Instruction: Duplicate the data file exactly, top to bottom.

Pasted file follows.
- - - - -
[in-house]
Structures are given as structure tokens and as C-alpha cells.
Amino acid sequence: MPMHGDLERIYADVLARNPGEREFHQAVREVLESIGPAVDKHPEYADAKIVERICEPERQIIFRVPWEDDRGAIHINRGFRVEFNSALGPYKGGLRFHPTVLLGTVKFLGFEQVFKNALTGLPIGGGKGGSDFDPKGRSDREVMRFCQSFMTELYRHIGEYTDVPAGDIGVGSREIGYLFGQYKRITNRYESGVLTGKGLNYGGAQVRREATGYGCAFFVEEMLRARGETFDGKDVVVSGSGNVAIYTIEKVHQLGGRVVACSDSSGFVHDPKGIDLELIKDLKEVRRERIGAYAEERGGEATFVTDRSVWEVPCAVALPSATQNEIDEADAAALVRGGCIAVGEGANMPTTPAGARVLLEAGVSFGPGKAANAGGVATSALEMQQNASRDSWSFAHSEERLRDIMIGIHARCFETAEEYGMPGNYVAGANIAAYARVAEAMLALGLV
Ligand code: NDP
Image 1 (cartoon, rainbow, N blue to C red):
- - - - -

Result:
[in-house]
Structures are given as structure tokens and as C-alpha cells.
Amino acid sequence: MPMHGDLERIYADVLARNPGEREFHQAVREVLESIGPAVDKHPEYADAKIVERICEPERQIIFRVPWEDDRGAIHINRGFRVEFNSALGPYKGGLRFHPTVLLGTVKFLGFEQVFKNALTGLPIGGGKGGSDFDPKGRSDREVMRFCQSFMTELYRHIGEYTDVPAGDIGVGSREIGYLFGQYKRITNRYESGVLTGKGLNYGGAQVRREATGYGCAFFVEEMLRARGETFDGKDVVVSGSGNVAIYTIEKVHQLGGRVVACSDSSGFVHDPKGIDLELIKDLKEVRRERIGAYAEERGGEATFVTDRSVWEVPCAVALPSATQNEIDEADAAALVRGGCIAVGEGANMPTTPAGARVLLEAGVSFGPGKAANAGGVATSALEMQQNASRDSWSFAHSEERLRDIMIGIHARCFETAEEYGMPGNYVAGANIAAYARVAEAMLALGLV
Ligand code: NDP
Image 1 (cartoon, rainbow, N blue to C red):